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Writing Code for Others to Read

jdmg94 profile image José Muñoz ・4 min read

Most software engineers primarily focus on becoming great at writing code. And this makes perfect sense. This is an essential step to become a great engineer within a reasonably sized team.

Successful companies, however, grow continuously. Sooner or later, the software engineering team will be beyond a few dozen people, where everyone can easily talk with everyone else. People will be split across different floors. New offices in different locations will be opened. Face-to-face communication starts to be insufficient. Channels like email, chat or video calls become more important. The pace of which this growth happens varies by company: for some, it takes years. For some of the really successful companies, it happens much more rapidly.

-Gergely Orosz

When you get your first gig as a developer you will inevitably be reading, understanding, and maintaining other people's code. Coding is an expression of one's logical abilities, and every mind is a world of its own, so as you gain experience, you will learn to identify people by their coding style. On a small team, this is no biggie, but as people come and go this starts to become an issue.

In the ideal situation, the organization maintains a style-guide and this helps to keep the code-base homogeneous, if this isn't your case, your code should express intent, tell a story, this will make bugs easier to identify and locate. there are a few of things that we can do to keep our code clean. The following observations are my personal, over-simplified take on The Clean Code book series by Robert C. Martin with just the right amount of empiric bias.

Use Meaningful Names

Variable names should express intent, be explicit on what that variable is going to be used for. Don't be afraid of using long names, just make sure you're following the language's casing convention. Variables should be named within their context, loosely-coupled logic rarely has several resources doing the same thing, so naming things within context allows you to re-use variable names that make sense in another file. Function names should be thought of as verbs, a reaction to an event. when naming a function think about what is the function going to be used for.

Instead of writing this:

 button.onclick = () => {
  const anchor = document.createElement('a')
  anchor.download = 'my download.pdf'
  anchor.src = '/some/resource/url'
  anchor.click()
 }

you could write this:

const downloadPdf = // some implementation
button.onclick = downloadPdf

Currying is your friend

Currying is the technique of translating the evaluation of a function that takes multiple arguments into evaluating a sequence of functions, each with a single argument. Curried functions are particularly useful in the context of function composition, which allows us to create specialized higher-order functions that can provide more semantic sense.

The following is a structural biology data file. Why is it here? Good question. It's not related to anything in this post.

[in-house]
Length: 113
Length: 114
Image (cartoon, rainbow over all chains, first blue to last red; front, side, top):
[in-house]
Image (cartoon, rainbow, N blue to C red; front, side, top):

Instead of writing this:

const SomeComponent = props => {
  return (
    <Button
      onClick={() => props.navigate('somewhere-else')}
    />
  )
}

you could write this:

const SomeComponent = props => {
  const goTo = route => () => props.navigate(route)

  return (
    <Button
      onClick={goTo('somewhere-else')}
    />
  )
}

Comments can be functions too!

If you're writing a large portion of logic you may feel like you need to explain what that code does, it is natural to think about leaving a comment for another collaborator to read when working around that file. Every time you find yourself writing a comment to explain the reasoning behind a portion of code, think about it as an opportunity to refactor that portion of code into its own function with a meaningful name. This doesn't mean that comments are bad, there are valid cases for comments where legacy code can't be refactored or notes for things that need to be revisited like //#TODO: vacuum cat

Instead of writing this:

const myBigImperativeFunction = async () => {

 if(isCold){
   const clothes = await fetch('/api/clothes')
   if(clothes.sweater){
     if(clothes.sweater.thickness > 3){
       clothes.sweater = await fetch('/api/sweaters?thickness=4')
     }
   } else {
      clothes.sweater = await fetch('/api/sweater')
   }

   const coffee = await fetch('/api/beverages/coffee')
   this. energy += cofee;
 }
}

you could write this:

const wearWarmSweater = //some implementation
const getSomeCoffee = //some implementation

if(isCold){
  await wearWarmSweater()
  await getSomeCoffee()
}

Keep things DRY

Logical reduction is one of the most powerful tools on any developer's belt. The thing about code with lots of flow control is that, it is hard to detect duplicate efforts but now that your code is explicitly expressing its intent, it is easier to spot things that can be reduced and re-used.

Instead of writing this:

const rightIcon = {
  size: 16,
  name: 'plus',
  color: '#0064D2',
}


const leftIcon = {
  size: 16,
  name: 'minus',
  color: '#0064D2',
}

you could write this:

const smallCeruleanSign = name => ({
  name,
  size: 16,
  color: '#0064D2',
})

const rightIcon = smallCeruleanSign('plus')
const leftIcon = smallCeruleanSign('minus')

Conclusion

Writing clean code makes everyone's life easier, your users will benefit of the increased productivity that having readable and understandable code will provide. Even on a personal level, clean code allows us to understand our projects 6 months down the line, it allows teams to onboard new engineers faster, and it helps spot efforts that could be optimized in a granular fashion. Let me know what you do to keep your code clean, I would love to learn a couple of tricks from the comment section.

Posted on Jun 10 '19 by:

jdmg94 profile

José Muñoz

@jdmg94

Software Engineer, love coffee and coding, interested in engaging UX and elegant problem-solving.

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